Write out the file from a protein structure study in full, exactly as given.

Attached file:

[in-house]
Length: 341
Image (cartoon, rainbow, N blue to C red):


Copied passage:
[in-house]
Length: 341
Image (cartoon, rainbow, N blue to C red):